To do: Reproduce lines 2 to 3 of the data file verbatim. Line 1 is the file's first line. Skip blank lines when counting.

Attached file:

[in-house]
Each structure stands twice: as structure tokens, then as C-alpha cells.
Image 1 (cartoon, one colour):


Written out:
Each structure stands twice: as structure tokens, then as C-alpha cells.
Image 1 (cartoon, one colour):